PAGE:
The Republican Oppositionby THOMAS H. REED and DORIS D. REED
As partisans of democracy, therefore, and quite apart from our views on particular questions of national policy, Americans should be glad that in the coming campaign the Republican party will be a real contender. No one seriously expects a repetition of the walk-away of 1936, in view not only of the 1938 elections but of the recent opinion polls in the great pivotal states. Republican attitudes toward the social and economic innovations of the past seven years may have momentous consequences for the general welfare of the American people. It is important, therefore, that all socially minded citizens get a clear view of the policies which the Republican party will offer as an alternative to the New Deal.
Fortunately, it is unnecessary to await the sonorous phrases of the party platform to gather the essential features of Republican policy. The record of Republican members of Congress on several vital issues is available. We have also a panel of five avowed candidates for the Presidency whose views, presumably, reflect the opinions of the party rank and file. Furthermore, there is the report of the Republican program committee, whose more than two hundred members represent every part of the country and every section of party opinion. It spent nearly two years studying the economic and social problems of the day and testing its conclusions against the opinions of Republicans of every stripe. The country was divided by the program committee into nine regions: New England, Middle Atlantic, Southeast, Middlewest, Trans-Mississippi, Southwest, Mountain, Pacific Northwest, and Pacific Southwest. In each region subject matter committees, assisted by the central research staff, struggled with particular problems such as relief, social security, finance, business and government, foreign policy. Each region also had a drafting committee to formulate a comprehensive expression of Republic. In opinion in the region, based upon the conclusions of the subject committees and extensive inquiry among Republicans in general. Each regional committee was kept informed of what similar groups in other regions were doing. Regional meetings were held to discuss these statements of opinion. Finally, the attitudes of the respective regions on each subject were set down in parallel columns for the use of the executive committee in building the specific recommendations of a final report which can claim fairly to represent the consensus of opinion among the intellectual leadership of the party. In the light of all this evidence it is possible to forecast with reasonable accuracy the final party stand.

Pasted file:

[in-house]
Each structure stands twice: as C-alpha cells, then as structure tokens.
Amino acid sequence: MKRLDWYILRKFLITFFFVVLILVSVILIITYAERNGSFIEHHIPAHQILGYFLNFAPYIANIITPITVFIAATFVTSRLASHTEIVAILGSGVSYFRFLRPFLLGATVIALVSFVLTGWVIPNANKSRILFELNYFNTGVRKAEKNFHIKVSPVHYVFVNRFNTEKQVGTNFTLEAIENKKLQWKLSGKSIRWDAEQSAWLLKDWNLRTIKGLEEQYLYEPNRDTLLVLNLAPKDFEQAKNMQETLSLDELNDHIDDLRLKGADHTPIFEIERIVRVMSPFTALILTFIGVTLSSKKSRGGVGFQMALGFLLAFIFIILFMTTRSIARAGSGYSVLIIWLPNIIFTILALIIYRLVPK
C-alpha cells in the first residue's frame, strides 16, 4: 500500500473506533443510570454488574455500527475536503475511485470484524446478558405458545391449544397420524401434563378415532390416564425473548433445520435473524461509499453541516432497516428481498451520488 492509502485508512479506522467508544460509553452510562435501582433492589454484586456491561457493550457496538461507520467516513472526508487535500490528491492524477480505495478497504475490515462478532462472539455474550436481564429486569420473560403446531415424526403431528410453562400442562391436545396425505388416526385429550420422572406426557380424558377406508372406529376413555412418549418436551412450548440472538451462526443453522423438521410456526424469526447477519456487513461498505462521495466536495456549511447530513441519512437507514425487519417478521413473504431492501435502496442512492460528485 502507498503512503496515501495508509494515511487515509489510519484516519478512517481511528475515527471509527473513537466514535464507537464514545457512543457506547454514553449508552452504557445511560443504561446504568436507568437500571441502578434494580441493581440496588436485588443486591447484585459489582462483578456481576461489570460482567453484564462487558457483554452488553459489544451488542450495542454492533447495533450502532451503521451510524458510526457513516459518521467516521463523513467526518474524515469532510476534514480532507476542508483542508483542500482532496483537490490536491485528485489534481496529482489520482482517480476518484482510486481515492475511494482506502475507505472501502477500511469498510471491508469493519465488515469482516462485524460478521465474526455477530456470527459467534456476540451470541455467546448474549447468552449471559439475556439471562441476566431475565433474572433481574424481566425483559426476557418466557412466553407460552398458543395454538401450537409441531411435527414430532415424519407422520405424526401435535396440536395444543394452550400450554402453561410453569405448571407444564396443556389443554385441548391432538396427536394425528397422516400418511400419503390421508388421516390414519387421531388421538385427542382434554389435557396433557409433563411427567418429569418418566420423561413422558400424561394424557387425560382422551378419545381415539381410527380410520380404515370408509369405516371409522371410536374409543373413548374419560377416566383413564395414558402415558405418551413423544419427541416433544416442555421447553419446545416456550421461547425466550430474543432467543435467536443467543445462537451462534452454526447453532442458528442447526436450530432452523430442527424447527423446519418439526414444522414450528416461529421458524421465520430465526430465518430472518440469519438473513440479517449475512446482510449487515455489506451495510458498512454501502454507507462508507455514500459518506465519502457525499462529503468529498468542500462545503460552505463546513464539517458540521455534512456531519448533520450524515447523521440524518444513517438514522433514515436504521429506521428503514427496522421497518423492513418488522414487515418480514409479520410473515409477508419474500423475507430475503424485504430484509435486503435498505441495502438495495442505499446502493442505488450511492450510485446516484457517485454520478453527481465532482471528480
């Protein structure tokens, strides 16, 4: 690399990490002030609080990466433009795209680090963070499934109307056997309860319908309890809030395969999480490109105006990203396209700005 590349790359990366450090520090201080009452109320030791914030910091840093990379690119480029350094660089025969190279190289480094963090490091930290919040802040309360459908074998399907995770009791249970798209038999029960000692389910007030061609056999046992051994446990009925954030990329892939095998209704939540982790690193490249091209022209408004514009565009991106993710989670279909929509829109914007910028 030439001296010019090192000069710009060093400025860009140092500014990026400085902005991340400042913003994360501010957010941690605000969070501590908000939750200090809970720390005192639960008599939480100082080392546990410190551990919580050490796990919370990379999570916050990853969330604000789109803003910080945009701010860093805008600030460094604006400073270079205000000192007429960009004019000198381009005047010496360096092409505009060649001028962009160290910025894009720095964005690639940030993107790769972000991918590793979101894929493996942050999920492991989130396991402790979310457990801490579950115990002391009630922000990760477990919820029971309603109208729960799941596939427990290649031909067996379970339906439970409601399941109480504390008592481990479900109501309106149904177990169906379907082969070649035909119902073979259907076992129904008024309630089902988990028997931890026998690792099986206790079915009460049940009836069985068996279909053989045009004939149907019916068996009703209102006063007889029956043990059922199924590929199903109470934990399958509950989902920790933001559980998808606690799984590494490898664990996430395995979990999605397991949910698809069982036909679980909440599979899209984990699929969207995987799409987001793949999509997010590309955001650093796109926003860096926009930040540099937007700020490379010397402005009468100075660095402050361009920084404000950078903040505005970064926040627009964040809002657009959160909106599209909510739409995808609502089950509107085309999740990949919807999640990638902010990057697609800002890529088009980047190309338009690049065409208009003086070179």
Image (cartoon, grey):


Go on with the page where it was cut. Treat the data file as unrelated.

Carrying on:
The Republican Position
THE REPUBLICAN OFFENSIVE IS DIRECTED NOT AT THE SOCIAL objectives of the New Deal but at the economic measures by which the Roosevelt Administration has wooed recovery. Republicans refuse to admit that they are any less interested in social welfare than the adherents of the New Deal. This is clearly expressed by the program committee:
Among most Americans, regardless of party, there is not much difference of opinion about the social goals towards which, as a people, we want to move. . . . That Americans unemployed, through no fault of their own, should be shielded from suffering and their self-respect kept alive pending their return to normal employment is an axiom that no leadership, worthy of the confidence of the nation, will dispute. That the old, the sick, and all those who, handicapped by forces over which they can exert no control, are unable to provide for themselves, must be safeguarded by society, is a long and almost universally acknowledged principle.
Such generalities in themselves may mean much or little. In this instance, however, they are supported by the specific declarations of the program committee and the candidates. There are, it is true, in the Republican ranks some diehards who hate the New Deal with such virulence that they would undo everything which has been done in the last seven years. They are, however,, relatively few in number and notably less vociferous than in 1936. They will have, if the program committee and the candidates mirror party opinion, little influence in its councils.
The great majority of Republicans are convinced that the country has been irrevocably committed to the essentials of the social program or the New Deal. It is impossible to tell how much of this attitude is due to genuine social enthusiasm, how much to regretful recognition of the inevitable. Most human conduct is a compound of free will and social compulsion.
The spearhead of the Republican attack is aimed at the spending, borrowing, taxing, and business regulating policies of the Roosevelt Administration. It vigorously assaults the New Deal position that the country has entered period of "mature" economy in which the opportunities for private investment and, consequently, employment in private industry will be much less than in the past. The program committee devotes a long section of its report to what it calls New Deal defeatism. It finds "that the private economy of America has not come to a dead end . . . but is crowded with possibilities of fruitful growth and profitable expansion." Candidate Dewey has made the defeatist attitude of the New Deal the theme of several speeches. He denies categorically and with evidential detail that "the American people are finished. America," he says, "is at the morning of its destiny."